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The Invisibles: FireworksFireworks (2004)
Reviewer Rating: 3
Contributed by: adamAdam
(others by this writer | submit your own)
The sophomore record from Brazilian four piece The Invisibles is one of those releases that at the right time and place would have made quite the splash. It's not too hard to envision songs like "Hello" or "The Satellite Song" as huge pop radio hits in the late 90s when Blink 182 broke with comparab.
The sophomore record from Brazilian four piece The Invisibles is one of those releases that at the right time and place would have made quite the splash. It's not too hard to envision songs like "Hello" or "The Satellite Song" as huge pop radio hits in the late 90s when Blink 182 broke with comparable material. Fireworks is just that type of upbeat, pretension free, aurally welcoming mix of Green Day fostered pop punk and the 90s alt rock that hummed along in opposition to the doom and gloom of the latter day grunge acts.
While the album maintains a sunny mood throughout the band's songwriting is actually quite versatile. The Invisibles major advantage over their ever numerous peers is that they're never caught dwelling on a good hook for longer then a three minute pop song requires. You can hear this in the single "One Last Song About Summer" with its shades of early Weezer (especially in the chorus) or the surf influenced "Ocean Skyline." Elsewhere tunes like "Candyrock" features energetic Ramones-worshiping punk that wouldn't feel out of place on Lookout's roster before the turn of the century. To its credit Fireworks is also one of those rare pop punk records that remains completely free of schmaltz. There was a segment of the punk-trend-timeline just after Blink-182 when a mind-numbingly poor acoustic heartbreak song was standard for these types of releases, but thankfully The Invisibles have stuck to what they do best and spared us that.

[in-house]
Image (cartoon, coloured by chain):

There's a suitable level of production here that gives the band's crisp rock songs the power they need without excessive gloss. Instrumentally the band's quite tight and perfectly matched to the style they're shooting for. I'm not the first to comment that Fabio Andrade's voice bares more than a passing resemblance to that of Nikola Sarcevic, and likewise his vocals are both familiar yet feature unique touch of character.
Fireworks is an unassuming but infectious little rock record. Fans of bands like Autopilot Off or The Ataris or those who'd like their fun pop punk free of teenage melodrama, check this out.
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